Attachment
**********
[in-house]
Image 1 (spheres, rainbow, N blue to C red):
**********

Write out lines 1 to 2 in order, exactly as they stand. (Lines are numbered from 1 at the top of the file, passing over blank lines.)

[in-house]
Image 1 (spheres, rainbow, N blue to C red):